Select Font. Copy and Paste “RADIOHEAD.”

I like Radiohead. I’ve always liked them. From the earnest songwriting of their youth to the rejection and gradual acceptance of their own fame to their continued exploration of what “music” is. I also appreciate the attention they have always paid to the visual component of their works having hired numerous designers, animators, illustrators, filmmakers and artists to create their albums’ packaging, videos, posters, websites, t-shirts and more. And that is precisely why I was a bit perplexed to see the masthead on the website for their new album, The King Of Limbs.

As an all-around lover of type my first reaction to seeing “distressed” typography is to check if the designer simply tapped-out the letters in a distressed font or if they set the type in a non-distressed font and then, after getting the kerning and such just right, added said distressing. Why this matters is hopefully obvious at first glance of the word RADIOHEAD. It’s bad enough when the same distressed character is repeated in close proximity, but when you have a pair of these characters, such as the “AD” in RADIOHEAD you might as well circle them with a red pen. This pitfall doesn’t just affect distressed typefaces. Any stylized type that is supposed to have a natural, unrefined look—scripts and handwriting fonts, for example—often suffer the same fate when just tapped-out.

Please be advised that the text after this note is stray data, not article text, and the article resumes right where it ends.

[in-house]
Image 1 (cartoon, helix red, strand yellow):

I don’t know who the designer of this piece is nor do I mean them any disrespect. I’ve heard the spark of genius last just a nanosecond, but, honestly, here’s all of about ten minutes of work. And don’t get me started on the copy-and-pasted-and-horizontally-flipped tree artwork on either side. Many OpenType font families these days come with contextual ligatures and similar “awarenesses” that can automatically substitute alternates of the same character for creating variation and, if there ever was a case for using one, it’s right here. Even if the font doesn’t contain such features, how much work would it have been to set the nine letters in R-A-D-I-O-H-E-A-D and then apply a layer mask to distribute the distressing randomly across the whole word?

Any other band and I wouldn’t have noticed. But Radiohead have raised the bar for themselves with each successive release that to see such lackadaisical artwork is a bit of a knock against them as a band. For me at least. I know this might sound a bit harsh, like a pass/fail test. No, I’m not that disappointed with them. I still really like them and their music. Nevertheless, it feels like something important—the band’s visual identity—that appears more like a mock-up than a finished piece…and was missed by everyone.

Leave a Reply

This site uses Akismet to reduce spam. Learn how your comment data is processed.